Hello, medical weight loss friends! What's for lunch today?
Organic lunch meat and hydroponic lettuce on double-fiber wheat bread...or even whole-grain pasta with veggies and pesto? Both choices are healthy, right? We at OMNI Medical Center say, "Not necessarily."
That's because more and more researchers are finding that sluggishness and weight gain (or delayed weight loss results!) can be blamed on a discreet substance hiding in wheat and many other common grains: gluten.
So what is gluten, anyway, and how does it affect the body?
Gluten is a protein found in wheat, barley and rye, as well as in many common food additives. It's what gives dough its elasticity and adds that satisfying chewiness to baked goods. But for people with celiac disease—a type of autoimmune disorder—eating foods that contain gluten can lead to a laundry list of reactions, including damage to the small intestine, poor nutrient absorption, diarrhea, abdominal pain, bloating, anemia, and fatigue.
Celiac disease is surprisingly common (it affects about one in every 133 people), according to a study by researchers at the University of Maryland. There is no cure for celiac disease and no drugs that can treat it, however. You can only manage the condition by sticking to a gluten-free diet for the rest of your life.
But even if you don't have celiac disease, gluten may still be bad for you, according to a dietitian at the University of Chicago's Celiac Disease Center. Additionally, a rising percentage of people in the U.S. now consider themselves "gluten-sensitive."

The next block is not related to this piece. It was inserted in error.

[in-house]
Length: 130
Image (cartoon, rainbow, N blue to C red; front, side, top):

If you think you may have symptoms of a gluten intolerance, ask one of us at OMNI Medical Center about scheduling a blood test to find out for sure.
The good news about cutting gluten out of your diet is that it can lead to weight loss. That's because a strict gluten-free diet forces you to stay away from some refined carbohydrates that can lead to weight gain.
Here are some common culprits where gluten is hidden:
Avoiding gluten (as much as we may hate to give up certain foods) also means you're likely to adopt other whole grains and flours that lack gluten, such as buckwheat, quinoa, and wild rice (which is not related to white rice). These aren't necessarily healthier options than gluten-rich wheat, barley or rye, but consuming a wider range of grains gives you even more nutritional variety in your diet!
Here's to discovering new foods without gluten!
--The OMNI Medical Center Team
For more helpful nutritional tips or for details about the OMNI Medical Center medical weight loss program visit our web site: http://www.omnimedicalctr.com/.
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